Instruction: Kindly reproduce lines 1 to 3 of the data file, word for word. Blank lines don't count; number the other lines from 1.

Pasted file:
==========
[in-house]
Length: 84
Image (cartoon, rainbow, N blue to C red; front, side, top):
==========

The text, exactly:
[in-house]
Length: 84
Image (cartoon, rainbow, N blue to C red; front, side, top):